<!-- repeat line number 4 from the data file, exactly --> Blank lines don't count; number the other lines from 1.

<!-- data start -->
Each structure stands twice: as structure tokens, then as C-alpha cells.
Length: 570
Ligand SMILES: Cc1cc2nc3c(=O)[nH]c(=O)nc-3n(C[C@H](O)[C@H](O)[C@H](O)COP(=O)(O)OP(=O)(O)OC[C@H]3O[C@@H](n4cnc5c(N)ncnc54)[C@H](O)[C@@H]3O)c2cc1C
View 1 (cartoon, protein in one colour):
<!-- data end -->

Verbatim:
View 1 (cartoon, protein in one colour):